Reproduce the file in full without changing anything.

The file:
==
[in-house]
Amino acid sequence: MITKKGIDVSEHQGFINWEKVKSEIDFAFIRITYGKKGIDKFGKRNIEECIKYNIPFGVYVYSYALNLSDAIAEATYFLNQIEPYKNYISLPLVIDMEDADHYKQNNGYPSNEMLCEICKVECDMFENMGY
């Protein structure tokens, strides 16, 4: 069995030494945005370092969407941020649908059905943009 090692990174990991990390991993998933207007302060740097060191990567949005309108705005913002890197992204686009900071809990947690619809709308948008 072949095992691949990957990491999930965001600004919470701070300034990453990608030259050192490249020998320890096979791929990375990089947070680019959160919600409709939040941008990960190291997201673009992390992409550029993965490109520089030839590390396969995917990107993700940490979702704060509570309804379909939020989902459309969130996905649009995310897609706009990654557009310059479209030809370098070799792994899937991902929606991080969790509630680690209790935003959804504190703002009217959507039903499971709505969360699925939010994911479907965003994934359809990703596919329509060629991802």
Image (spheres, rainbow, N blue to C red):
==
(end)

[in-house]
Amino acid sequence: MITKKGIDVSEHQGFINWEKVKSEIDFAFIRITYGKKGIDKFGKRNIEECIKYNIPFGVYVYSYALNLSDAIAEATYFLNQIEPYKNYISLPLVIDMEDADHYKQNNGYPSNEMLCEICKVECDMFENMGY
């Protein structure tokens, strides 16, 4: 069995030494945005370092969407941020649908059905943009 090692990174990991990390991993998933207007302060740097060191990567949005309108705005913002890197992204686009900071809990947690619809709308948008 072949095992691949990957990491999930965001600004919470701070300034990453990608030259050192490249020998320890096979791929990375990089947070680019959160919600409709939040941008990960190291997201673009992390992409550029993965490109520089030839590390396969995917990107993700940490979702704060509570309804379909939020989902459309969130996905649009995310897609706009990654557009310059479209030809370098070799792994899937991902929606991080969790509630680690209790935003959804504190703002009217959507039903499971709505969360699925939010994911479907965003994934359809990703596919329509060629991802």
Image (spheres, rainbow, N blue to C red):